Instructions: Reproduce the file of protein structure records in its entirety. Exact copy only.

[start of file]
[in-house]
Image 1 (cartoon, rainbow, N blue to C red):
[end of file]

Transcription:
[in-house]
Image 1 (cartoon, rainbow, N blue to C red):